We’ve been going through the Bible looking for clues to a Trinitarian understanding of the text. Last night, we look at one objection, which is the rich young man who came to Jesus. Tonight, we’re going to be looking at another one and one that is more difficult and has had theologians discussing for centuries. Why doesn’t Jesus know the day or hour of his coming? (Keep in mind again everyone, I am not wanting to get into the eschatology involved here. I do have an eschatological stance that I hold to strongly and a number of readers know what that is, but I do not bring it up as my blog is meant to be about the truths that unite us.)
The relevant text is Mark 13:32.
32“No one knows about that day or hour, not even the angels in heaven, nor the Son, but only the Father.
What’s fascinating is that this seems to be the one text that Arians always like to go to. Luke tells us that Jesus grew in wisdom and stature, for instance, in Luke 2:52. When we get to the Philippians passage, it indicates that Jesus emptied himself of something. That is something that is key to understanding this passage.
Trinitarians do not deny the reliance of Jesus on the Father, which we will explain more in-depth when we come to the relevant passages in John. If the Father were to go out of existence, (An impossibility to be sure, but it is simply to make a point.) then Jesus would also go out of existence.
In the same way, Jesus enters a position of a unique subordination where he is only given information that is necessary for his mission. Jesus does play by the rules and for all we know, there could have been such communication going on between God and man before the fall happened. We are dealing with a unique situation in that there are no other perfect human beings around that we can make a comparison to.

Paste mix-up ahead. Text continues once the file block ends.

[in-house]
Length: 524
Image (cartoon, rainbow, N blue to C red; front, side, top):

This being the case, Jesus on a human level does not know the day or the hour of the coming. This doesn’t mean that this ceased to be divine knowledge and that Jesus in his state of deity does not know the date of the coming. It only means that in his humanity, the date is a mystery.
Ironically, one could press this against the Arians as there is a passage in Revelation 19 that has Jesus coming back and what is said about him?
12His eyes are like blazing fire, and on his head are many crowns. He has a name written on him that no one knows but he himself.
Does the Father not know? What reason do we have to think otherwise? Now while an Arian would love to see Jesus as not knowing in his deity, what is to be done with Revelation 19:12?
This could simply be the case that what is going on is that there are things that can be known about God apart from revelation, but there are things we cannot know unless God himself expresses them. This is true for us on a human level. You can find out many things about me by reason and study. However, if you wanted to know what I was thinking at any time, you could guess some things by reason, but you would not have knowledge apart from revelation.
That means Rev. 19:12 would be an indicator of divine knowledge going on, with things that could not be known apart from revelation. (God can and does know what I am thinking without my having to express it. He does not have to watch me and wonder what it is I’m thinking.) Jesus is a possessor of such divine knowledge after the resurrection and that knowledge can only be known to us by revelation.
Thus, instead of seeing this as a defeater for Trinitarian belief, I instead see it as a wonderful place to look at the nature of humanity and the nature of deity and see how the two relate in the person of Christ and how we as humans are to relate to God.
And of course, we shall continue shortly.